The second in a series of posts on etiquette for organized pool swimming. These lessons are considered “advanced” because they focus on nuances of etiquette specific to organized or coached swim workouts, such as Masters. You should already be familiar with basic pool etiquette for lap swimming, which has been well covered by Art Hutchinson.
Do you walk right behind people on an otherwise empty street? No? Then don’t do it in the pool, either.
In a short-course pool there are 50 yards (or meters) of physical space to swim in. In a long-course pool there are 100 meters of space. Use it.
In an organized workout, each swimmer is entitled to a certain amount of personal space behind their feet. During an interval training set, the relevant dimension of personal space is actually time - specifically, 10 seconds. By default, leave 10 seconds apart.
An exception to the 10-apart rule is if your lane is so crowded that the lane-leader is nearly finished with the inbound length before the last person has begun the outbound length. In this case (and ONLY in this case), it’s OK to leave 5 seconds apart.
For a short-course lane swimming at a pace of 1:30 per 100 yards, there’s enough room for FOUR swimmers leaving 10 seconds apart. The last swimmer will leave 30 seconds after the lane leader, leaving 15 seconds of space before the leader completes the 50-yard round-trip.
For a long-course lane swimming at a pace of 1:40 per 100 meters, there’s enough room for TEN swimmers leaving 10 seconds apart. The last swimmer will leave 90 seconds after the lane leader, leaving 10 seconds of space before the leader completes the 100-meter round-trip.
What if there are five swimmers in a short-course lane? Does that mean everyone now leaves 5 seconds apart? No. As many swimmers as possible should still leave 10-apart. In this case, three swimmers leaving 10-apart and two swimmers leaving 5-apart is equivalent to four swimmers leaving 10-apart.
The progression of “5-aparts” always begins from the back. In a short-course lane with six swimmers, the #2 swimmer still leaves 10-apart, and #’s 3, 4, 5, and 6 leave 5-apart. Why is that? Because the lane leader is doing everyone a favor by leading the lane, keeping track of the intervals, and dragging everyone along in his draft. The lane leader’s personal space always has priority.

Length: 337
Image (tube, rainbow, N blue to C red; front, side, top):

Only in the case of seven, eight, or nine swimmers in a short-course lane (assuming a pace of 1:30 per 100 yards) should everyone leave 5 seconds apart.
Another exception to these rules is if a set includes particularly long repetitions - e.g., a set of 500’s in a short-course pool - and the lane leader is substantially faster than the swimmers at the back. In this case, it makes sense to create a little more “cushion” behind the last swimmer, to avoid the lane leader lapping the last swimmer.
In a long-course pool, you should almost always be leaving 10-apart, unless your lane is extremely crowded. Occasionally I’ve seen even very experienced swimmers come to a long-course pool and leave 5-apart even when there’s plenty of room. Usually it’s a function of their background - perhaps they always swam in crowded short-course pools, and never learned that 10-apart is the true default.
Why is 10-apart the default? Because this is swim practice, not drafting practice. Leaving 5-apart in a lane with plenty of room is disrespectful of the leading swimmer’s personal space, and is a breach of pool etiquette.
But most infuriating of all are the people who leave on an odd number - e.g., 7 or 8 seconds apart instead of 10, or 3 seconds apart instead of 5.
When a swimmer leaves 7-apart instead of 10-apart, he’s transmitting misleading information to everyone around him. If the swimmer behind me leaves 7-apart instead of 10, when I turn at the opposite wall I’m going to see him closer than I expected, and assume he’s swimming faster than me. I may even consider stopping at the next wall to let him pass. But really, he isn’t swimming faster than me - he just left early. And that interferes with my workout.
The 7-apart-leaver is also frustrating to swimmers behind her. If you’re not leading the lane, oftentimes you’re not keeping rigorous track of the intervals; you just leave 10 seconds after the person in front of you. But if the person in front of you leaves on a “7,” it’s unclear whether she was supposed to leave on the “5” or the “0.” This interferes with other people’s workouts. (That being said, you should keep track of the intervals even if you’re not leading the lane.)
In general, the unwritten “personal space” rules in the pool are sort of like drafting rules in cycling races. In no-drafting cycling races, there’s a “drafting zone” behind each cyclist. If you enter this zone, you must pass within 15 seconds or drop back.
In the pool, you’re not entitled to draft off the swimmer in front of you for as long as you like. If you do, they’re allowed to punch you. (Not really.)